- Juice of half a lemon
Choose and wash samphire as in the first recipe. Boil water in a large pan, add salt generously and add some spaghetti. Boil it for 8 to 9 minutes. Finally, add samphire to the pan.
In the meantime, heat a small quantity of olive oil in a pan on medium heat. Now season the fish fillets, and add them to the pan and gently fry until fully cooked ( it will take around 2 to 3 minutes for a side to cook). Now flake the cooked fish and remove any bones you may find while flaking the skin.
Drain the samphire and spaghetti, toss them back in the hot pan. Add butter, enough black pepper, and olive oil, and toss them together. Move them to warmed plates and sprinkle the flaked fish over it. Garnish with some black pepper powder and lemon juice.
3. Samphire fritters with fresh tomato salsa
Things you need:
- 50 grams of plain flour
- One tablespoon olive oil
- 200 grams of marsh samphire
- One egg (separate the yolk and white)
- A pinch of salt
- 100ml water
- Groundnut oil
For the salsa:
- 500 grams of ripe, full-flavored tomatoes
- Lemon juice
- A pinch of sugar
- Two tablespoons of extra-virgin olive oil
- One small red onion, peeled and chopped
- Ground black pepper and salt
How to prepare
- Start with making the salsa. Put tomatoes in a wide-mouthed bowl, pour over some boiling water to cover, and leave it for 30 seconds – then drain! Peel the tomatoes properly, cut to quarters and scoop out the seeds, so that you get seedless, skinless sweet tomato flesh.
- Now chop the flesh, mix it properly with the rest of the salsa ingredients. Next, set it aside and get started with preparing the samphire.
- Pick the samphire as in the first recipe; however, you can keep it in large pieces here. Rinse well and pat it dry.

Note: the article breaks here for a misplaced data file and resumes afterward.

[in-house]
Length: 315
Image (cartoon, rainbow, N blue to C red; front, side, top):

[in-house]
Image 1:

- Mix the flour with the egg yolk, water, salt, and oil, then beat to make a smooth paste.
- Now add 5cm depth of oil to a heavy-based, deep pan and reach up to 175°C. Just before frying, gently beat the egg white till it starts holding stiff peaks, and fold it to the batter
- Lastly, dip the samphire fronds into the batter, ensuring they are well covered. Start dropping a few at a time in the hot oil pan. Fry for 1 to 2 minutes till it turns golden brown, scoop out with a spoon, and drain carefully on a kitchen paper. Serve with the salsa.
Things to Keep in Mind While Using Samphire
While samphire is generally safe to consume regularly, still pregnant and breastfeeding women must take the required precautions. Rock samphire carries furocoumarins that make some individuals more sensitive to the sunlight, leading to a reaction called phytophotodermatitis.
Samphire’s sales and growth have witnessed a massive surge of late. The health benefits of consuming this herbal plant are numerous and have, therefore, contributed to its immense popularity, making it worth a try for every health-conscious person. So now that you know the benefits of samphire, it will be easier for you to include it in your diet. But while using samphire, make sure you keep in mind its side effects and take the required precautions.
1. Can you eat raw samphire?
Samphire is vibrant green and an asparagus look alike. One can easily incorporate it into salads. However, boiling or steaming is the best way to eat it. Pickled samphire is another delicious way of consuming it.
2. Does samphire contain iodine?
Iodine helps in proper regulation of the thyroid gland. Though eggs, fish and other sources of dairy products are the best sources of Iodine, Samphire also contains a significant amount. No wonder it is the most loved vegan food.
3. Does samphire contain vitamin K?
Vitamin K as we all know is essential in proper bone formation and blood clotting. The good thing is samphire has it in abundance.